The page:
The age of ransomware

  • TECH
  • Tuesday, 06 Sep 2016

Malaysia under cyber attack media briefing from Kaspersky.

Malaysia has the dubious distinction of being number 25 on the list of countries that is the source of the most web infections, according to global security firm Kaspersky Lab.

For the period between June to Aug this year 283,779 web infections were traced back to Malaysia, accounting for 0.21% of the global total, said Kaspersky lab director for the Asia Pacific research team, Vitaly Kamluk.

The United States, Russia and Germany made the top three spots, accounting for 32.02%, 11.09% and 10.18% of the global total, respectively.

Malaysian is also a popular target for cybercriminals, ranking 51st in the world for web borne malware attacks.

Kamluk said that cyberthreats have increased due to the rise in mobile adoption.

“Targeted attacks in the region are now becoming more mature compared to the past” said Kamluk.

“And the worst cybersecurity nightmare today is ransomware which is largely operated by foreign organised criminal groups. The financial sector remains the prime target.”

Ransomware used to be simpler to combat –  attackers merely blocked access to a user’s operating system or browser for a moderate amount of ransom money.

However, after security experts caught up with the threat with improved protective measures, cyber criminals got smarter.

They now encrypt files on victims’ hard drives with crypto ransomware.

“Victims especially businesses have no choice but to pay huge ransoms due to the strong encryption used,” he said.

To make things worse, digital currency has made this cyber criminal activity easier as payments are more difficult to trace.

The increase in attacks is due to the fact that there are a large number of ransomware tools  available on the dark web.

Such tools are now easily accessible to even beginners for as low as US$5,000 (RM20,000) for a starter kit.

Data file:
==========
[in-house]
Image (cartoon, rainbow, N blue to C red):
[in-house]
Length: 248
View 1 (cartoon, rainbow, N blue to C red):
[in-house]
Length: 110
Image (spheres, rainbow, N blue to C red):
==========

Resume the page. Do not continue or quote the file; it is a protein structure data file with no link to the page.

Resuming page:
Hackers are able to generate up to US$25,000 (RM102,000) per day with these tools, according to Kamluk.

“By distributing these crypto ransomware tools online, the number of beginners-turned-skilled-hackers can easily multiply into tens of thousands leading to more cyberattacks happening daily,” he said.

Kamluk was in town to launch the company’s latest solutions, namely the Kaspersky Security Intelligence Services and Anti Targeted Attack Platform aimed at providing better protection for enterprises.

Unlike conventional anti-virus, which is reactive in nature, the Security Intelligence Service works proactively.

The solution covers three main areas. First is the penetration testing and application security assessment, which allows corporate clients to predict a cyberattack before it happens.

Secondly, it includes cybersecurity training such as workforce awareness programmes, digital forensics, malware analysis and reverse engineering.

Lastly, the solution also comes with threat-data feed and botnet tracking, as well as intelligence reporting, to handle sophisticated threats.

The other Kaspersky solution – the Anti Targeted Attack Platform allows monitoring of network activity, web and e-mail accounts to prevent malicious and targeted attacks.

The key feature of the product is the Advanced Sandbox, which provides a virtualised environment for analysing suspicious programs.

For more details, visit

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